4. Leuven


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The highlight of the city of Leuven is undoubtedly its immense and ornate Gothic town hall whose facade is covered in 236 statues. Check out the outside and, if intrigued enough, partake in one of the daily guided tours to learn all about this fascinating building. The university library and tower, located on a large square, is also worth a visit as it is likely nothing like your local college. The outside is impressive enough, but it’s the reading room that takes the cake with its beautiful wooden interior, which you can visit daily. Make sure to walk up all the way to the university tower’s balcony for superb views of the city. When you’ve had your share of pretty buildings, head over to the world’s largest brewery, Brewery Stella Artois, located 15 minutes on foot from the city center. The brewery can be visited every Saturday between 1 PM and 3 PM.

5. Mons

City Hall in Mons, Belgium

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Like the other Belgian cities on this list, Mons is full of beautiful historical structures like the 17th-century Baroque belfry (listed as a UNESCO Heritage site and which you can visit), the large and intricate St Waltrude’s Collegiate Church, the elaborate 15th-century town hall, and the city’s main square, the Grand-Place, which is considered the beating heart of Mons. Beyond those well-known attractions, Mons is full of street art pieces, from murals to sculptures. Download this street art map and mix up centuries-old architecture with a more modern take on the city for a refreshing visit.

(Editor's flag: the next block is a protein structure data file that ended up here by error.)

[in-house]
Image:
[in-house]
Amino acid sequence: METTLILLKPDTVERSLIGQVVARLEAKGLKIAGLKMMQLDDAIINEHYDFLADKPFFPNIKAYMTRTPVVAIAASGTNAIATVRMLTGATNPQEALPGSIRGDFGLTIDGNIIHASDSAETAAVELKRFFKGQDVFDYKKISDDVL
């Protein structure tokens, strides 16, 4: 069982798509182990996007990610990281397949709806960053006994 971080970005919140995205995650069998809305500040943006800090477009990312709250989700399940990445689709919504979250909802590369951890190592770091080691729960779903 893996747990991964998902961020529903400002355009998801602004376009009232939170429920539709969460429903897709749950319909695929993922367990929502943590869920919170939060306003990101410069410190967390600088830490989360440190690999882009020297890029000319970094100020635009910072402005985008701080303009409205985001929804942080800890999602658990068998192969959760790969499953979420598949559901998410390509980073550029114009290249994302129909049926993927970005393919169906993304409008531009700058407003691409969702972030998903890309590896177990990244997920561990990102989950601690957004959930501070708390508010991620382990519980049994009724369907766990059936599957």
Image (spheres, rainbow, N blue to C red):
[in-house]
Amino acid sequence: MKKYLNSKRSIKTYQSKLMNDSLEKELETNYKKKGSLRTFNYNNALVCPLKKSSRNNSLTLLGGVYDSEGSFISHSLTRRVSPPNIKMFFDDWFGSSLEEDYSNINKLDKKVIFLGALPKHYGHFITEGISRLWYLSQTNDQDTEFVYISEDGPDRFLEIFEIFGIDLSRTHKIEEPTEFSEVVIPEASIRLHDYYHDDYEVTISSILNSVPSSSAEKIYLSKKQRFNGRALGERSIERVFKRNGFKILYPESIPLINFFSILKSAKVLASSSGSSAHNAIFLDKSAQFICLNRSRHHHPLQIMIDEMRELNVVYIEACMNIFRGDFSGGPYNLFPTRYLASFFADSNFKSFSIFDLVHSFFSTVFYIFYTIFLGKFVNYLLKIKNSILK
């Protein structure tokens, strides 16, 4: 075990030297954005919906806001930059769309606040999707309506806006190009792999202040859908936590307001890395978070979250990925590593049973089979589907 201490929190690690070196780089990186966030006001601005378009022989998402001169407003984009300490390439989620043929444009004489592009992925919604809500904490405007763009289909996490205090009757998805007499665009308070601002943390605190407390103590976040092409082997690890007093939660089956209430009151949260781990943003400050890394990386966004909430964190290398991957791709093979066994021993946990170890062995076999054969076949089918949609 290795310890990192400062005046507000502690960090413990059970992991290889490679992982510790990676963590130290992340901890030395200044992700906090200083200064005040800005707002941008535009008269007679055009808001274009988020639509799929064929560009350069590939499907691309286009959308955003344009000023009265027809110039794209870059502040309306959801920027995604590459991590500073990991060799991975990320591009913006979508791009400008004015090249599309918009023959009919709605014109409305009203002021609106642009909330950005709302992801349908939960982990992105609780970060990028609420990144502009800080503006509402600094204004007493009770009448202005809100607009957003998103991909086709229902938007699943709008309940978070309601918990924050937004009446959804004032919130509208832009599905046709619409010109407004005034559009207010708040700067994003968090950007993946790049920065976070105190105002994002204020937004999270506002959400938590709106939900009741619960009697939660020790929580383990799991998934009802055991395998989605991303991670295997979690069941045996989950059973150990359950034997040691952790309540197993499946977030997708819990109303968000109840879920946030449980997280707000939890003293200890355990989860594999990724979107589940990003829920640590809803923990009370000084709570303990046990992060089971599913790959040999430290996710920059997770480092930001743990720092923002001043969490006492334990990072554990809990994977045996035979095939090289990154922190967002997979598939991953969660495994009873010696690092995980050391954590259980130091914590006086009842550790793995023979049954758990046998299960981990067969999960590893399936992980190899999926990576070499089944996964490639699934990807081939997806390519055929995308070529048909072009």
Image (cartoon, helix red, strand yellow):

6. Antwerp

Grote Markt, Belgium

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Antwerp was devastated during WWI, and large swathes of the city were rebuilt in the first half of the 20th century in a functional modernist style. The city is also Europe’s second-busiest seaport, so it has an undeniable industrial vibe that is reinforced by innovative architecture like that of the Port House (design by Zaha Hadid Architects) or the MAS Museum. But despite all this modernity, the old city center of Antwerp retains the charm of a time past whether it is in the medieval Steen Castle, the oldest building in Antwerp, or the Gothic Cathedral of Our Lady. The heart of the city, Grote Markt, a large market square that used to be the gathering point of merchants from around the world, remains as impressive today as it did centuries ago, with its cobblestone streets and Flemish Renaissance buildings, including its UNESCO World Heritage-listed town hall.

7. Durbuy

Durbuy, Belgium

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Known as “the smallest city in the world,” Durbuy’s historic city center has indeed only 400 lucky inhabitants, but it’s a well-known destination in Belgium, so you won’t be the only one walking its cobblestone streets and checking out the gorgeous stone and slate houses from the 17th and 18th centuries. Located in the wooded Ardènnes region, it’s surrounded by forests and valleys, so you can hike and camp in between cultural visits to Durbuy’s St. Nicholas Church and the Museum of Modern Art located in a former 16th-century wheat market hall.